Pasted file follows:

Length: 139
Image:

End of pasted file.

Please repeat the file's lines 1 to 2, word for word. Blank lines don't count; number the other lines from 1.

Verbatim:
Length: 139
Image: